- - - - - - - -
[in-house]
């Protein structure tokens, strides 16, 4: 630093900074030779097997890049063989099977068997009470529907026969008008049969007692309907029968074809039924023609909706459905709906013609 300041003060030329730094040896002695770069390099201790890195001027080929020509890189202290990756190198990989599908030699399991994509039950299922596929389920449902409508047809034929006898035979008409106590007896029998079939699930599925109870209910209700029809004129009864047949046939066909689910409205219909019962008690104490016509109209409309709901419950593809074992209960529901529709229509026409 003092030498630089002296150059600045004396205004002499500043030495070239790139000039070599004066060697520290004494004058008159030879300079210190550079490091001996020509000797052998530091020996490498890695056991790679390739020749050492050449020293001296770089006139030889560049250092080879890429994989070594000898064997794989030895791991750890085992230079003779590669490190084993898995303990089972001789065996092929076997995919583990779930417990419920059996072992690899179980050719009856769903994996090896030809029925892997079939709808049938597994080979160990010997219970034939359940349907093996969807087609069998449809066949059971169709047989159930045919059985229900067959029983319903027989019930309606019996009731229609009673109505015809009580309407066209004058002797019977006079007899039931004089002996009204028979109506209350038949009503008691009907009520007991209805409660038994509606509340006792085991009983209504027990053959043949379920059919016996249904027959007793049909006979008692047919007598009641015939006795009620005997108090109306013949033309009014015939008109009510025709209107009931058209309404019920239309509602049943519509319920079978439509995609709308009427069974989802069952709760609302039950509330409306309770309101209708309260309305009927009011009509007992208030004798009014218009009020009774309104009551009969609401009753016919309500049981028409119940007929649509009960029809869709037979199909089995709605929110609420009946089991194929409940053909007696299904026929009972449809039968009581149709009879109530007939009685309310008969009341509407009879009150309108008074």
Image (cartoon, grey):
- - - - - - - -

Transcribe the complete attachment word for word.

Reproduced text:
[in-house]
């Protein structure tokens, strides 16, 4: 630093900074030779097997890049063989099977068997009470529907026969008008049969007692309907029968074809039924023609909706459905709906013609 300041003060030329730094040896002695770069390099201790890195001027080929020509890189202290990756190198990989599908030699399991994509039950299922596929389920449902409508047809034929006898035979008409106590007896029998079939699930599925109870209910209700029809004129009864047949046939066909689910409205219909019962008690104490016509109209409309709901419950593809074992209960529901529709229509026409 003092030498630089002296150059600045004396205004002499500043030495070239790139000039070599004066060697520290004494004058008159030879300079210190550079490091001996020509000797052998530091020996490498890695056991790679390739020749050492050449020293001296770089006139030889560049250092080879890429994989070594000898064997794989030895791991750890085992230079003779590669490190084993898995303990089972001789065996092929076997995919583990779930417990419920059996072992690899179980050719009856769903994996090896030809029925892997079939709808049938597994080979160990010997219970034939359940349907093996969807087609069998449809066949059971169709047989159930045919059985229900067959029983319903027989019930309606019996009731229609009673109505015809009580309407066209004058002797019977006079007899039931004089002996009204028979109506209350038949009503008691009907009520007991209805409660038994509606509340006792085991009983209504027990053959043949379920059919016996249904027959007793049909006979008692047919007598009641015939006795009620005997108090109306013949033309009014015939008109009510025709209107009931058209309404019920239309509602049943519509319920079978439509995609709308009427069974989802069952709760609302039950509330409306309770309101209708309260309305009927009011009509007992208030004798009014218009009020009774309104009551009969609401009753016919309500049981028409119940007929649509009960029809869709037979199909089995709605929110609420009946089991194929409940053909007696299904026929009972449809039968009581149709009879109530007939009685309310008969009341509407009879009150309108008074």
Image (cartoon, grey):